Besides the main story mode is a mode known as Color Frenzy, which has players face off in team-based matches or in all-out free-for-all warfare. This mode seems heavily similar to Splatoon’s Turf War, which has the same effect. Using scooters, players battle against other players in teams in order to cover the most ground in the allotted time slot.
Besides team play, players can battle it out in free-for-all games with the same objective. Painting the battlefield doesn’t take much skill and effort, as boosting, pulling off tricks and stunts, grinding rails, and hitting flips while airborne such as 360° spins causes paint to splash down on the ground.
Yet another mode is Trick Run, which like the name suggests, is all about gaining the most points from tricks before the time runs out. The key to this mode is pulling off as many tricks as possible in one-go and ranking up combos as opposed to grinding the rails, hitting a quick spin, and repeating the process all over again.
This mode is best played as a way to learn new tricks and stunts, but it feels bare, with paint not playing any effect into the actual gameplay of this mode. With the game being built around the idea of painting and maneuvering a scooter, this mode felt like nothing more than a nostalgic callback.
Crazy Crayons is another example of one of the many modes that the game has to offer. This mode, in particular, provides a nice change of pace compared to the rest of the modes, as this one mimics the ideas and mechanics behind Capture the Flag.
Only this time the player is playing a game of Capture the Crayon, with the main objective being to capture and hold the five crayon beacons scattered around the map. Although it does seem to stray away from the other modes that the game has to offer, it does very little to distinguish itself as a mode worthy of returning to.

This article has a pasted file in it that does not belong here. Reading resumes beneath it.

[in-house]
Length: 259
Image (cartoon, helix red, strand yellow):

Splat Tag is the final mode in the game, which centers itself on the game of tag. The player can either avoid being sprayed by paint or be the one to paint all of the players. There are two different versions of the mode, those being chase and survive, with neither packing enough content to bring players back in.
Packaged in with the rest of the game is a challenge mode known as S.C.O.O.T, which takes two players and has them take turns in order to see who can achieve the highest score from combos. If the player defeats their opponent in each round, the opponent will gain letters and spell out “SCOOT” marking the end of the game.
The goal is to score enough points as to not gain any letters, which is simple as the opposing player doesn’t do much in terms of pulling off combinations and soaring through the air. To top it all off, we have cruise mode, which is a free-play mode where the player has control over a whole park and can do as they please.
Crayola Scoot seems to hit rock bottom as players find their way through the game’s modes. With lack of instruction and amount of fun to be had, there was virtually no reason for players to jump back into modes after a few plays. Although there is split-screen play where friends can jump in, the game seems to be lacking in polish and depth to the point where it was a drag to climb the ranks and finish the Color Cup.
The aesthetic of the game appears to be its highest point as it strokes on the keys of the past, but there isn’t much enjoyment to be had through the numerous modes and events scattered throughout the game. As an introduction to children to this genre it may fit in, but there just wasn’t enough to pull me back in. For the $40 price tag on the eShop, there are much better alternatives and titles to pick up beside Crayola Scoot. Final Score: 7/10
THE VERDICT: 7/10
*Review Key Provided by Outright Games
Should you wish to check out another of our reviews, you can do so by clicking here.Tags: Climax Studios, Crayola Scoot, Nintendo Switch, Outright Games, review
This post was written by Ali@Nintendo